There are few things stronger than the bond between a mother and her child. This relationship is pushed to the limit in Room, Lenny Abrahamson’s adaptation of Emma Donoghue’s acclaimed novel, for which the author wrote the screenplay herself. Capturing the unimaginable story of Joy (Brie Larson), a young woman who is held captive in a ten-by-ten shed for seven years, in which time she gives birth to her son Jack (Jacob Tremblay), who is five when we meet the characters, Abrahamson and Donoghue examine the bonding these two experience when the only thing they have is one another, as well as the difficulty to transition into “normal” life when they finally are able to make their escape. Even though Room is seen through Jack’s eyes, Donoghue and Abrahamson do a remarkable job of making sure that both characters are explored to profound lengths. By introducing us to them as a co-dependent unit, we are grounded in that relationship immediately, so when they finally escape and have to grow as individuals, it’s just as startling for us as it is for them. Room is the tearjerker of the year in more ways than one, a status which it wouldn’t have been able to achieve if it weren’t for the titanic performances of the two leads. Larson and Tremblay get into that relationship in such a devastating way, finding the soul of these characters as they face such enormous adversity. It’s a film that will linger in the mind, and even more so in the heart, for a long time after it’s over.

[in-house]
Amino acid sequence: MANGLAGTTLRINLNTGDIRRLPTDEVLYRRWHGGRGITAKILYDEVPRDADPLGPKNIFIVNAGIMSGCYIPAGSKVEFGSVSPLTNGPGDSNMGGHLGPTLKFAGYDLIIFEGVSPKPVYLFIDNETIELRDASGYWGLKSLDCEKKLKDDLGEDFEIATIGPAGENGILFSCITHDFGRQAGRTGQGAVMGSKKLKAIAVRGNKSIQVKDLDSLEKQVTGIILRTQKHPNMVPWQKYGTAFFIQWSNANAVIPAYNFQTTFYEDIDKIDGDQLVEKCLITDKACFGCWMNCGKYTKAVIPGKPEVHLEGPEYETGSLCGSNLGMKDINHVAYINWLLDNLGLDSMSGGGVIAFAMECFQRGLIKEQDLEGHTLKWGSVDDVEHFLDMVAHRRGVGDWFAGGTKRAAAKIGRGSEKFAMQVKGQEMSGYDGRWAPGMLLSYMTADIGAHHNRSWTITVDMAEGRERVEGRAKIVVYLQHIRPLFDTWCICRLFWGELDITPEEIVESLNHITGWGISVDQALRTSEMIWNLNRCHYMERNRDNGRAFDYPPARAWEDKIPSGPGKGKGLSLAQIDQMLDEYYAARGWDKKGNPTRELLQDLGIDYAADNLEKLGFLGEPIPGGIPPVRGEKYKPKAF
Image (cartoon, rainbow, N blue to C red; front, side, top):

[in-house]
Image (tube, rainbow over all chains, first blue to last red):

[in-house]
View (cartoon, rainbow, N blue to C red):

07. THE HATEFUL EIGHT (Quentin Tarantino)